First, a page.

LONDON - Britain has asked the United States to release five British residents from Guantanamo Bay in a change of policy that may signal Prime Minister Gordon Brown is taking a more independent stance from Washington.
Foreign Secretary David Miliband sent a formal request to US Secretary of State Condoleezza Rice for the release of the five men, who were legally resident in Britain before their detention but are not British nationals.
The decision marks a shift from the policy of former prime minister Tony Blair's government, which secured the release of all nine British citizens held at the US prison camp in Cuba but maintained it was not responsible for detainees of other nationalities who had simply lived in Britain.
Speculation that Brown, who succeeded Blair in June, will steer a more independent course has been reinforced by some of his ministerial appointments and by one minister's comment that Brown and Bush were unlikely to be "joined together at the hip".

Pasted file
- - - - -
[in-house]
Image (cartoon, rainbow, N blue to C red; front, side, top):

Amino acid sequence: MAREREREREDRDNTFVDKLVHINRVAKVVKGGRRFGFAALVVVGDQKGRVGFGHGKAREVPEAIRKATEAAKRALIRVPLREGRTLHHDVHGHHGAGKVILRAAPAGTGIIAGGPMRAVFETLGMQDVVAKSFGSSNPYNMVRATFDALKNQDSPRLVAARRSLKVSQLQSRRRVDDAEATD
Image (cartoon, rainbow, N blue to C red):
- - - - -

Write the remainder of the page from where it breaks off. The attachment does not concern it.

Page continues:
Britain said it was seeking the release and return to Britain of Shaker Aamer, a Saudi national; Jamil el-Banna, who is Jordanian; Omar Deghayes, a Libyan; Binyam Mohamed from Ethiopia; and Abdennour Sameur, an Algerian.
The Blair government had opposed a legal challenge by relatives of several of the men seeking to force London to press for their release from the US detention camp.
In Washington, State Department spokesman Sean McCormack said the United States would review the British request, which was "well within the confines of our policy".
The United States has faced strong criticism over the indefinite detention of terrorism suspects at Guantanamo Bay. US President George W. Bush has said he would like to close the camp but calls it a necessary tool in the war on terrorism.